Clearly define the purpose.

      Use a DRH. Similar to a semantic tree: deconstruct the concept, question, or idea.

      Clearly identify the parts of the rabbit hole you want to apply. Here, you are coloring or circling those components you would like to further apply or break down into their own DRH. This is important, because a DRH will lead to lots of new ideas to get lost in!

      This is going to sound completely crazy, but I used a DRH to conduct a thought experiment. This approach allowed me to create a new (and crazy) theory. The Color of the 4th Dimension. The image below is an example of this creation. [6]

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        Elon Musk’s brilliant approach

        In my opinion, there is no one doing more to move the world forward today than Elon Musk. Musk is an advocate for learning across multiple fields. If we embrace learning across multiple fields, we find that we possess an information advantage as most people are solely focused on just one field.[7]

        Learning Transfer

        Musk has a large thirst for knowledge. He regularly exposes himself to numerous subjects. He also practices a skill known as the Learning Transfer. Essentially, this is taking what we learn and applying it to something else. Think of learning something in physics class and using it in sociology. For this, Musk has a two-step process.

        • Contrasting Cases. This is where you deconstruct something and look for the deeper understanding of it. For example, suppose you wanted to find the deeper principle for what makes the letter A an A. See below.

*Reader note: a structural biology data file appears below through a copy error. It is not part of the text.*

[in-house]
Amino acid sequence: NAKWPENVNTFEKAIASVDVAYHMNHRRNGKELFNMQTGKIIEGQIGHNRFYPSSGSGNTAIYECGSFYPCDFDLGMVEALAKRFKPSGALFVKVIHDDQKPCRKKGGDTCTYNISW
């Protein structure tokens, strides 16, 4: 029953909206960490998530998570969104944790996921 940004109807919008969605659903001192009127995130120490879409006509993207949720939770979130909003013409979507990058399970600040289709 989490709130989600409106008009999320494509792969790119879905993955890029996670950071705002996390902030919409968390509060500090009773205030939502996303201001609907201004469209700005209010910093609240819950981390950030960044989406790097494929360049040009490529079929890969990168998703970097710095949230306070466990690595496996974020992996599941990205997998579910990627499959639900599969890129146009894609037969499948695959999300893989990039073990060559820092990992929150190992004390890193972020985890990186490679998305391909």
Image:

• Reconstruct the principles you learn into different fields. To effectively do this, we should ask ourselves the following questions: “What does this remind me of?” and “Why does it remind me of it?”

          Other powerful techniques

          Lastly, there are quite a few additional techniques and examples we can use; however, I have narrowed the list down to two powerful techniques.

          1. ADEPT. When trying to comprehend a difficult concept, try the following: Find an Analogy, use a Diagram, Experience it, explain it in Plain English, and describe the Technical Details. [8]
          2. Solo Taxonomy. Structure of Observed Learning Outcome. This is a model describing the levels of increased complexity. Here, you move from an abstract thought, to a clear image, then to a creative and better outcome.

          I encourage you all to embrace the application of new knowledge. To me, this is common sense. Unless we use it, we will lose it. Learning plus thinking equals creating! Lastly, remember this powerful advice from Marianne Williamson:

          “You must learn a new way to think before you can master a new way to be.”

          Reference

          More by this author

          Dr. Jamie Schwandt

          Lean Six Sigma Master Black Belt & Red Team Critical Thinker

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          Last Updated on July 21, 2021

          The Importance of Reminders (And How to Make a Reminder Work)

          The Importance of Reminders (And How to Make a Reminder Work)
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          No matter how well you set up your todo list and calendar, you aren’t going to get things done unless you have a reliable way of reminding yourself to actually do them.